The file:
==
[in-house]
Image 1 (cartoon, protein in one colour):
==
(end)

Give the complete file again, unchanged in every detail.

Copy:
[in-house]
Image 1 (cartoon, protein in one colour):